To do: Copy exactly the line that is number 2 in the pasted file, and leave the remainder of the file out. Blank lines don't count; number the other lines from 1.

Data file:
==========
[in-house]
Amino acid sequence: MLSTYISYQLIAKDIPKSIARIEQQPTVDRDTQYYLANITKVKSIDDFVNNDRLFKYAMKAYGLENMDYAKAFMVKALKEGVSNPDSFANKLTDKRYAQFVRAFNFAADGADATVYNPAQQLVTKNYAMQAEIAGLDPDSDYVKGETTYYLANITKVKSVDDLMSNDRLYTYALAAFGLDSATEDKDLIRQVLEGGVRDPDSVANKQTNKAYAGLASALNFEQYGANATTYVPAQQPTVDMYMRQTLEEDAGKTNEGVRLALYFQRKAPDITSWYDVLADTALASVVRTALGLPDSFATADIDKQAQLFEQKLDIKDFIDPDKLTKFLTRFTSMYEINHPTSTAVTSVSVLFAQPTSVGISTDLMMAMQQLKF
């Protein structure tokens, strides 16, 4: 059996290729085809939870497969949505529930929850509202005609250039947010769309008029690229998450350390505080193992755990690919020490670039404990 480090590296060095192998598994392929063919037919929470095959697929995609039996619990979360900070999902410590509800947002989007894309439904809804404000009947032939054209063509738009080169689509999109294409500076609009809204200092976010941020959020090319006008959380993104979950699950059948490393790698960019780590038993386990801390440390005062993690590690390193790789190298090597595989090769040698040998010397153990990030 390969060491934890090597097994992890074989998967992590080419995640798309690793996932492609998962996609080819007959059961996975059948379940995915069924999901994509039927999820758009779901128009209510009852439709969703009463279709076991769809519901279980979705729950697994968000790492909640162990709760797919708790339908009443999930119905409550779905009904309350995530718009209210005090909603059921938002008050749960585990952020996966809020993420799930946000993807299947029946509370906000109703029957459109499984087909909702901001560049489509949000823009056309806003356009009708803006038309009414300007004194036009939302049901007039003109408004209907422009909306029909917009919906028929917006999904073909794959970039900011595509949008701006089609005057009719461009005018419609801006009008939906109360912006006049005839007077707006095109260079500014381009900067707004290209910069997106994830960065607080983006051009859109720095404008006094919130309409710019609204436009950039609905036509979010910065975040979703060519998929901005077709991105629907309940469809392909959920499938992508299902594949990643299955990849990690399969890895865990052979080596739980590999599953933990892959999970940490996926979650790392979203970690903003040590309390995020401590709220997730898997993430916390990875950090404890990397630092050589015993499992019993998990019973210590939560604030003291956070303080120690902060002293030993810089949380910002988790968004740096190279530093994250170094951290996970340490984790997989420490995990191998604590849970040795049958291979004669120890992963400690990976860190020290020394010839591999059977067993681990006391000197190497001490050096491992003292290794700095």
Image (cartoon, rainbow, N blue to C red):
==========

Amino acid sequence: MLSTYISYQLIAKDIPKSIARIEQQPTVDRDTQYYLANITKVKSIDDFVNNDRLFKYAMKAYGLENMDYAKAFMVKALKEGVSNPDSFANKLTDKRYAQFVRAFNFAADGADATVYNPAQQLVTKNYAMQAEIAGLDPDSDYVKGETTYYLANITKVKSVDDLMSNDRLYTYALAAFGLDSATEDKDLIRQVLEGGVRDPDSVANKQTNKAYAGLASALNFEQYGANATTYVPAQQPTVDMYMRQTLEEDAGKTNEGVRLALYFQRKAPDITSWYDVLADTALASVVRTALGLPDSFATADIDKQAQLFEQKLDIKDFIDPDKLTKFLTRFTSMYEINHPTSTAVTSVSVLFAQPTSVGISTDLMMAMQQLKF